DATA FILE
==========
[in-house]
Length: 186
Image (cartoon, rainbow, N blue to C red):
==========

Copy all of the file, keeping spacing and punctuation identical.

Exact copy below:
[in-house]
Length: 186
Image (cartoon, rainbow, N blue to C red):